Album: Evil Nine

You Can Be Special Too, MARINE PARADE
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The Independent Culture

Evil Nine are but two, the studio mix duo of Tom Beaufoy and Pat Hardy, whose work here occupies similar territory to Leftfield, with big, authoritative beats propelling subtly shifting, minimal soundscapes. The formula is best represented by the opening cut, "Crooked", where the looming ambience and rolling bass, studded with brittle cowbell percussion, supports Def Jux rapper Aesop Rock's sneering diatribe on urban dystopia - "We don't like it when the city people get crooked, 'cos if the people are crooked, then we can't get down." Elsewhere, other guest vocalists add to the mix: Juice Aleem's randy rap on "Pearl Shot", Toastie Taylor's sweet reggae vocal on "Restless" and Tomo & Blackitude's low-tolerance-threshold rap over the monotone twang of "Earth", a place with "No mercy if you're innocent/ No Viagra if you're impotent/ No education if you're ignorant". But it's the lock-tight, assertive Evil Nine grooves that stick in the memory: the chunky, majestic "Devil Stuff" offers a more persuasi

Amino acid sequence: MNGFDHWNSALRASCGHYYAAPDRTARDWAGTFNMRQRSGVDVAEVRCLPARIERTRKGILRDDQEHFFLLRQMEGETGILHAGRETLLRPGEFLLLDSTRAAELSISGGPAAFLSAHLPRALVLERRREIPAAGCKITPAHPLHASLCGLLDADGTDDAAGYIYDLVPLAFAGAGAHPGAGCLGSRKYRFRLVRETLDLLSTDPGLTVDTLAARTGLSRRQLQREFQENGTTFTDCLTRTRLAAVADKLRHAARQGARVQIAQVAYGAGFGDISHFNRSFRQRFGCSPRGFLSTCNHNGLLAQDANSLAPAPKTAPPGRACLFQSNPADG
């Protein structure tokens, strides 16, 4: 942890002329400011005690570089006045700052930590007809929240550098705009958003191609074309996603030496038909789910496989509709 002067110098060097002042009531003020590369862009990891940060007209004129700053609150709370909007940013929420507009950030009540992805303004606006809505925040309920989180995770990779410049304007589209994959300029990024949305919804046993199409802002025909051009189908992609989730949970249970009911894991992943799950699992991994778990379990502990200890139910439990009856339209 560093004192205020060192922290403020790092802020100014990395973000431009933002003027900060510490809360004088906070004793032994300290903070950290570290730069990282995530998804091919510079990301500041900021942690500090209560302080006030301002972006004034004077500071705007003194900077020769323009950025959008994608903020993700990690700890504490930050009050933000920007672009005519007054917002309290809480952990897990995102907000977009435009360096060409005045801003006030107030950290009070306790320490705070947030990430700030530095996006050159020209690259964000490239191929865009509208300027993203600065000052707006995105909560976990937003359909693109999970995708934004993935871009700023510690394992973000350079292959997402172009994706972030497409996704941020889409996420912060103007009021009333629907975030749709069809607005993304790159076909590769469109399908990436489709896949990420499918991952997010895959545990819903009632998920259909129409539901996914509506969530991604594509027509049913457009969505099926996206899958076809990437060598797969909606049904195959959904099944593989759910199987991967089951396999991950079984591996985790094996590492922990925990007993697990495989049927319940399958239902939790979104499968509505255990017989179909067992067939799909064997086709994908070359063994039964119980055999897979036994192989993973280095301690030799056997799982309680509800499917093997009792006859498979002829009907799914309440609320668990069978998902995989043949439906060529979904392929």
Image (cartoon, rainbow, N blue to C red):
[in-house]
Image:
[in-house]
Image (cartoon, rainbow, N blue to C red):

Evil Nine are but two, the studio mix duo of Tom Beaufoy and Pat Hardy, whose work here occupies similar territory to Leftfield, with big, authoritative beats propelling subtly shifting, minimal soundscapes. The formula is best represented by the opening cut, "Crooked", where the looming ambience and rolling bass, studded with brittle cowbell percussion, supports Def Jux rapper Aesop Rock's sneering diatribe on urban dystopia - "We don't like it when the city people get crooked, 'cos if the people are crooked, then we can't get down." Elsewhere, other guest vocalists add to the mix: Juice Aleem's randy rap on "Pearl Shot", Toastie Taylor's sweet reggae vocal on "Restless" and Tomo & Blackitude's low-tolerance-threshold rap over the monotone twang of "Earth", a place with "No mercy if you're innocent/ No Viagra if you're impotent/ No education if you're ignorant". But it's the lock-tight, assertive Evil Nine grooves that stick in the memory: the chunky, majestic "Devil Stuff" offers a more persuasive Krautrock impression than anything on the Death in Vegas album, and the urgent soundbites ("We have the power/ We have the resources/ We have the energy/ Let's get together and wreck shit!") lend a Primal Scream flavour to the rolling powerhouse of "We Have the Energy". This year's Plump DJs?

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